Not allowing young voters to use the same photo identification as older people hints at potential “selfish interests” behind a change in policy at polling stations, according to Sir Ed Davey.
The leader of the Liberal Democrats said his party is opposed to new compulsory rules for those voting in person during England’s local elections next month.
Those turning up at polling stations will be required to show a form of photo identification, such as a passport, driving licence or blue badge.
His comments seem to allude to long established polling suggesting that older voters are more likely to vote Tory than younger members of the electorate.
The former cabinet minister said ministers had “failed to make the case” for the change in policy, which he branded “wrong”.
He told Sky News: “They claim it was about voter fraud. There is no evidence about this at all and it will make it harder for some people to vote.
“When you look at the sort of things they have done in implementing this, they’ve made it OK for retired people to use their bus passes – that’s great, I think that’s right.
“But they have not allowed young people to use their bus passes as photo ID.
“That is very suspicious and I think it suggests the Government’s motives behind this change are nothing to do with voter fraud; they are everything to do with the selfish interests of the Conservative Party.”
More than 8,000 council seats in England are up for grabs on May 4 across 230 local authorities, ranging from small rural areas to some of the largest towns and cities.
Polls are also taking place to choose mayors in Bedford, Leicester, Mansfield and Middlesbrough.
Elections are not taking place in all parts of England this year.
There are no contests in London and Birmingham, along with other areas including Cornwall, North Yorkshire and Cumbria.
It comes as a study commissioned by the Local Government Information Unit (LGIU) found that there is confusion over what forms of identification will be accepted under the new voting rules.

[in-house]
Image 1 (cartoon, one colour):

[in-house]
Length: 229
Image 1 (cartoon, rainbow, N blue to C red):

A poll by Ipsos — which interviewed 1,859 adults aged 18-75 online in England between April 7 and 10 — found that more than a third of English adults incorrectly thought a student card would be accepted, while 30% wrongly thought their poll card would be valid.
Those thinking a polling card would suffice rose to 42% among those aged 18-34 and half of ethnic minorities.
Jonathan Carr-West, chief executive of the LGIU, said: “In spite of a public awareness campaign, 41% of people have heard little or nothing about new voter ID requirements being introduced for the upcoming local elections in England.
“As we head into local elections, it is essential that the British public understands and has access to the correct forms of ID so they can harness the power of their vote.”
Those without a valid form of ID have until April 25 to apply for a voter authority certificate, which can be used instead.
Separately, Sir Ed said he expected the Lib Dems to make “real gains” in the local contests, adding: “Four years ago we made massive gains, 700 gains, so we’ve got to do even better than that.”
Later in the interview, he said: “If people want to get rid of the Conservatives in many parts of the country, particularly in these local elections, they need to vote Liberal Democrat.
“We are the main challenger to the Conservatives in huge numbers of seats.”
Separate local elections are being held in Northern Ireland on May 18, though the deadline to register there is not until April 28.